Piloting Durable Household Hermetic Storage Systems In Bangladesh
ADMI-sponsored research indicates that Bangladeshi farmers suffer losses of 6% of their grain stored at home over three months following the Boro harvest. Grain stored in permeable jute sacks or traditional bins is susceptible to various forms of infestation as well as variation in moisture content leading to quality degradation. Research further shows that use of hermetically sealed 50 kg plastic bags can reduce storage loss in households to near zero over the same period. Storage losses are a significant cost to smallholders, who typically hold about 300 kilograms of harvested grain for home consumption after each harvest. While use of hermetic bags has been effective in some developing country settings, they face serious impediments in Bangladesh due to absence of a distribution system and more importantly, government restrictions on use of plastics emerging from environmental concerns.
Understanding that hermetic storage is valued by farmers, but that hermetic bags may be inappropriate in the context, the Advanced Storage Laboratory at Bangladesh Agricultural University developed a durable metal bin that can be locally produced and achieves the benefits of hermetic storage in laboratory settings.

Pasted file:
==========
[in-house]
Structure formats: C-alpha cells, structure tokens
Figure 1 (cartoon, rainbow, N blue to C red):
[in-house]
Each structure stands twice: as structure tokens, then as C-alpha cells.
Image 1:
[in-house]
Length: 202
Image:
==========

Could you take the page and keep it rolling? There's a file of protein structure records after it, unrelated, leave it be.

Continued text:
The goal of this project is to develop a durable and scalable method for smallholder farmers in Bangladesh to hermetically store grain for household consumption.
- Train local manufacturers in production of improved metal storage bins, commission production of 200 bins of 2 different sizes, and distribute them to 100 households in rural Bangladesh.
- The recipients will be trained in the use of the bins and revisited after 1 month, 2 months and 4 months to assess the users’ experience and results.
- Revised designs will be distributed to manufacturers and training materials for proper use of the improved bins will be developed and shared with the Division of Agricultural Extension of the Bangladesh Ministry of Agriculture.
This project is ongoing.